República de Cabo Verde
Republic of Cape Verde

Flag of Cape Verde Coat of Arms of Cape Verde
Cântico da Liberdade
Song of Freedom
Map of Cape Verde
Government Republic and parliamentary democracy
- From 2011Jorge Carlos Fonseca
Prime Minister
- From 2001José Maria Neves
Legislature National Assembly
July 5, 1975from Portugal
Area4,033 km²
- 2010567,000
GDP2010 (PPP)
- TotalUS$ 2.1 billion
- Per capitaUS$ 3,783
CurrencyCape Verdean escudo
Flag of None Province of Cape Verde

The Republic of Cape Verde is a parliamentary republic off the coast of Western Africa.


The uninhabited islands were discovered and colonized by the Portuguese in the 15th century; Cape Verde subsequently became a trading center for African slaves and later an important coaling and resupply stop for whaling and transatlantic shipping. Following independence in 1975, and a tentative interest in unification with Guinea-Bissau, a one-party system was established and maintained until multi-party elections were held in 1990. Cape Verde continues to exhibit one of Africa's most stable democratic governments. Repeated droughts during the second half of the 20th century caused significant hardship and prompted heavy emigration. As a result, Cape Verde's expatriate population is greater than its domestic one. Most Cape Verdeans have both African and Portuguese antecedents.[1]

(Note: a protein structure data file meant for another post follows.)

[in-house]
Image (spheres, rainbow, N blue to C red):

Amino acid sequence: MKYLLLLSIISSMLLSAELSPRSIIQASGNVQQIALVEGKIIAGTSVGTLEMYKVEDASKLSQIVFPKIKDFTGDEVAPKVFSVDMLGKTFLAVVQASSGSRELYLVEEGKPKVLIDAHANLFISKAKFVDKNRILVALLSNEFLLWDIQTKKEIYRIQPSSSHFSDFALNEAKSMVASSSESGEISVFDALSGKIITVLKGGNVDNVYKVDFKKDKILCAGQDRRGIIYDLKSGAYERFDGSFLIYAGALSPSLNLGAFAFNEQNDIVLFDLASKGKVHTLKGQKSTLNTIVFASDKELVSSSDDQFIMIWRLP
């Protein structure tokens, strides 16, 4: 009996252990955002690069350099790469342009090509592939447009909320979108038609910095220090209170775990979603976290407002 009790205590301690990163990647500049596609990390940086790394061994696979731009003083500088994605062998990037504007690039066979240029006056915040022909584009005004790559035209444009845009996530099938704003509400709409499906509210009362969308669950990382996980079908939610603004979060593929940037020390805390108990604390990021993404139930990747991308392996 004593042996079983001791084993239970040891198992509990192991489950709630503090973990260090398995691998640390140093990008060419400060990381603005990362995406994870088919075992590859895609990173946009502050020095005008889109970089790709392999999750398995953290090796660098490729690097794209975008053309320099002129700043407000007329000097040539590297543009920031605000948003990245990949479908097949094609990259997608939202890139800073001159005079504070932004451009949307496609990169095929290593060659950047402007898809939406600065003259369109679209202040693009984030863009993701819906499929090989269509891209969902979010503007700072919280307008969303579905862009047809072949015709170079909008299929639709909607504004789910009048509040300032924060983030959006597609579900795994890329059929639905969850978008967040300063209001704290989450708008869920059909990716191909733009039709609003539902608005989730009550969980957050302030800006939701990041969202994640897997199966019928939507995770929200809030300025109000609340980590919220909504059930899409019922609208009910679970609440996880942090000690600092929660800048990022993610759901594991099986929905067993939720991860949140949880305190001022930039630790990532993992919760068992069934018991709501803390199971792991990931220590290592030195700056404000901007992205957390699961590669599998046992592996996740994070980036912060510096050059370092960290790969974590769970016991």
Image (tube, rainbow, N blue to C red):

This island economy suffers from a poor natural resource base, including serious water shortages exacerbated by cycles of long-term drought and poor soil for agriculture on several of the islands. The economy is service oriented with commerce, transport, tourism, and public services accounting for about three-fourths of GDP. Although about 40% of the population lives in rural areas, the share of food production in GDP is low. About 82% of food must be imported. The fishing potential, mostly lobster and tuna, is not fully exploited. Cape Verde annually runs a high trade deficit financed by foreign aid and remittances from its large pool of emigrants; remittances supplement GDP by more than 20%. Despite the lack of resources, sound economic management has produced steadily improving incomes. Continued economic reforms are aimed at developing the private sector and attracting foreign investment to diversify the economy. Future prospects depend heavily on the maintenance of aid flows, the encouragement of tourism, remittances, and the momentum of the government's development program. Cape Verde became a member of the WTO in July 2008.[2]


  • Jorge Carlos Fonseca () (September 9, 2011 - )

Prime Minister

  • José Maria Neves () (February 1, 2001 - )


Cape Verdean Polities


  1. The CIA World Factbook: Introduction - Background
  2. The CIA World Factbook: Economy - Overview

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